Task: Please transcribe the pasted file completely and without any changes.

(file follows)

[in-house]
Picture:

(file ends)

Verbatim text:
[in-house]
Picture: